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Sunday, August 24, 2008

Brand Israel?

I did promise to discuss a presentation that was made at the JBlogger's conference regarding the 'branding' of Israel. I thought that Yehuda did a good job of summarizing the concept, so rather than reinvent the wheel, let's take his summary, even if I disagree with some of his editorial comments.
Zavi Apfelbaum, Brand Manager of the Foreign Ministry

Zavi spoke about Israel's image problem being the result of focusing too much on trying to prove we are right rather than trying to appear attractive. She said:

- branding is complementary to hasbara efforts
- branding incorporates both the bad and the good; example: The Big Apple
- If you don't define your brand, others will do it for you
- A brand engenders loyalty that will carry its fans through small periods of bad experiences

She spoke too long, too repetitively, and too simply for the audience. Long after we all got the idea and wanted her to move on, she was still trying to convince us that Israel has an image problem. She showed a video clip of how the average American knows nothing about day-to-day life in Israel, but again for far too long, when we were hoping that she would then present us with he solutions.

Unfortunately, she only barely got to solutions after the talk was officially over, and they weren't very clear solutions. They involved some combination of passion, ingenuity, and fusion, but ignored Israel's great assets of history and technology, for example.
Dov Bear had a very different view of Zavi's presentation with which I disagree even more.
According to the focus group information she shared, ordinary upscale Americans think Israel is a scary place. This is not because the editors of the New York Times have implanted microchips in their brains, nor is it because ordinary, upscale, Americans are all liberal, Jew-hating anti-Semites, who descend from Cossacks and Nazis. It is because Israel is always presented through either the prism of the conflict or as the Jewish homeland. The latter no one cares about. The former scares the crap out of people.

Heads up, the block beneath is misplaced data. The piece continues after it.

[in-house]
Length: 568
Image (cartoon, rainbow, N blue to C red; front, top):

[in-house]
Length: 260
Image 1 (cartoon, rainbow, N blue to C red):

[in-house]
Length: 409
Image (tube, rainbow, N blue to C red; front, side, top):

Why does this matter? Because its bad for business. If Israel is perceived as a drunk-on-religion sort of place, where people carry guns and live behind barbed wire fence, they will be less likely to visit or to buy Israeli made products. They won't hire Israelis. They won't invite Israelis to speak, or buy books by Israeli writers because they imagine it's either all about God, or about the war - two topics ordinary, upscale Americans prefer to ignore. [Aside: I once told an educated, Republican, church-going Southerner that I was planning to visit Israel. She asked: "Will the hotel provide you with towels, or do you have to bring your own?" Her picture of the place was pure third world.]

The answer, we learned yesterday, is for Israel to put another foot forward, to share other facets, and other sides of the Israeli experience. To let people know that Israel is something besides fanatics with machine guns. Predictably, this suggestion has irritated more than one RW lunatic. [Including the genious who heckled the speaker with chants of "But Israel is a Jewish state." I mean, duh, but not the point: Sure, Israel is a Jewish state, but if most people don't care, what are you going to do? Stamp your feet?]